Attending a Lecture…. and its aftereffect.

Last night, friend M and I drove 40km to attend a lecture at the U, entitled “Gardens as Elements of an Urbanizing World”.  The lecturer is a world-renowned  “expert on the development of landscape architecture through the ninteenth and twentieth centuries.  He was co-founder of his university’s interdisciplinary doctoral program “Practice and Theory of Creative Research in the Arts”.

I have long been looking at and considering land use in suburbia, and have noted with pleasure the increased recognition of the need for urban and suburban allottments which enable people to grow at least some of their food, if they do not already have a piece of owned earth on which to do so. What surprised me in this lecture was an almost total lack of emphasis on gardens in urban settings which could augment food supplies for people living there; I would rather have seen developments in this area, than on the history of the evolution of pleasure gardens of well-to-do landowners and leisure places of large communities.

While having breakfast, browsed on line articles from “The New York Times”, still somehow preoccupied by last night’s lecture, and came across the article:

“Smokestacks in a white wilderness divide Iceland” by Sarah Lyall, February 4, 2007. The New York Times.

Having seen many photos and artworks picturing Iceland, which is a place of peculiar beauty, and perhaps is a natural Variation of the Garden, in all its possible meanings, I was very much moved by the contents of this article – a stuggle between the need to conserve an environment and the necessity of increasing trade by a particular nation of people.

5 Responses to “Attending a Lecture…. and its aftereffect.”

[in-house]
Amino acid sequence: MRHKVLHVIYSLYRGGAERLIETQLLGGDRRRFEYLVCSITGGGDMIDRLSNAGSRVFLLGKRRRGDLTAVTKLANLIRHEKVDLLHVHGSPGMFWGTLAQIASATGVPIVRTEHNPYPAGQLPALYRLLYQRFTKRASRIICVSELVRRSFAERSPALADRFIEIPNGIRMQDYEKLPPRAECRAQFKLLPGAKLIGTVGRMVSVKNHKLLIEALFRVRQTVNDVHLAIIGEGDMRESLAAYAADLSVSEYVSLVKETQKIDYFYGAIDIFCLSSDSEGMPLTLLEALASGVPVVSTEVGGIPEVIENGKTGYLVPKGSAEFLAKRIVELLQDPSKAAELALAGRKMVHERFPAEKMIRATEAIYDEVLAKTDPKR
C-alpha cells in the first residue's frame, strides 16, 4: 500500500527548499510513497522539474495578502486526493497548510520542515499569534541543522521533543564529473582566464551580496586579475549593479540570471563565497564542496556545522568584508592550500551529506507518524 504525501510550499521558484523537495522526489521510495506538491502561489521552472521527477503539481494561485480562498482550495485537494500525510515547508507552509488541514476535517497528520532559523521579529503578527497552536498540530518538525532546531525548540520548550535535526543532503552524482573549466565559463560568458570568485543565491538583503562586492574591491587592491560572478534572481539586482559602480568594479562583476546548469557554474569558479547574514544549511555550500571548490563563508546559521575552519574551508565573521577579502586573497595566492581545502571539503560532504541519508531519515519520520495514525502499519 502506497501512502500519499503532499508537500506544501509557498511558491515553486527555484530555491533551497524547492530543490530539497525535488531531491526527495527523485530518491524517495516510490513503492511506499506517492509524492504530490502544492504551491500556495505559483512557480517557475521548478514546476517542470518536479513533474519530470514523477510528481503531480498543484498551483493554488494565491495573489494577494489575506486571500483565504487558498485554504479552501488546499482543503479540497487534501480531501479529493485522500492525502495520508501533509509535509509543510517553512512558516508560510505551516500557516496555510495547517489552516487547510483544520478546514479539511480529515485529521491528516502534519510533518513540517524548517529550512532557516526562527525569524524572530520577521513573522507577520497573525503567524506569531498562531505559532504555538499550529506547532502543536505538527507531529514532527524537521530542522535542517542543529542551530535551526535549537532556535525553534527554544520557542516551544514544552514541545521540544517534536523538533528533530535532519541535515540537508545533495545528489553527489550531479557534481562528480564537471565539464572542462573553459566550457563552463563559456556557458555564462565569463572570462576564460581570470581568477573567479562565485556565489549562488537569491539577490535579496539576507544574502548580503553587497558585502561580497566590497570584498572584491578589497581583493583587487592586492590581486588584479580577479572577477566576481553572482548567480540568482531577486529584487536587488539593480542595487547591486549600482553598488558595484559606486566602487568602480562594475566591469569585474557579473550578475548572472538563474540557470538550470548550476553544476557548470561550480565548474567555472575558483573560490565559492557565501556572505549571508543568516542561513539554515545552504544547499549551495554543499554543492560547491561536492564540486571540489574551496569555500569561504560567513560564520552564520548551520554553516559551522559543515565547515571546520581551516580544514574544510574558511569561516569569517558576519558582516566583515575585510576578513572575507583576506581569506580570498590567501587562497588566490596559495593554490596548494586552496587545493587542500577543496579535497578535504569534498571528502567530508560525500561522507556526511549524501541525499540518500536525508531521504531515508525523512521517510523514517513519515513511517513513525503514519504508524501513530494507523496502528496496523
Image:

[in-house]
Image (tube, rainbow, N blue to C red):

1. Dejan Says:

    When I was a kid back then in 80-ties, I was dreaming about solar houses. There was one special edition of famous scientific magazine Galaksija that was dedicated completely to solar houses (with very cool names like Andromeda or Kentaur) and I was spending hours in reading that issue, and dreaming…

    Check this page out:

  2. Dejan Says:

    By the way, I salute the idea of growing vegetables in the city area. But that can be done if we reduce air pollution to great extent, otherwise that would be equal to eating poisoned apple in Snow White story 🙂

    For all who want to read the NY Times article you recommended, I provide the link here. Just click on it 🙂

  3. Michèle Says:

    There’s a big revival in cities in the uk in the use of allotments, and it’s a good thing too. Now if people can just avoid getting shot while they grow their vegetables then we’ll all be ok…

  4. idiopathicidiocy Says:

    Speaking of eating homegrown food, a cousin of mine only yesterday sent us some papayas which he grew in his garden. And that isn’t the only thing he grows there.Vegetables like okra (known as bhindi here) and green chillies are some of many which he grows himself.According to him, the satisfaction which he derives from growing his own food is no match to buying vegetables from the market.And he thinks his vegetables taste better as well 🙂

  5. Deborah Barlow Says:

    Alice Waters, who many consider to be the grand dame of California cuisine and its emphasis on fresh, local produce, has started a program in urban farming. She started with elementary schools in the Bay Area, used school land to start gardens and is teaching the kids about farming. The urban farming movement has started to show up in other cities as well.

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